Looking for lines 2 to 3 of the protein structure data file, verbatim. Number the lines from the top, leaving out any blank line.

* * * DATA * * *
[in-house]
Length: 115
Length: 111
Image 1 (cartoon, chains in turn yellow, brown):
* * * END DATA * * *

Length: 115
Length: 111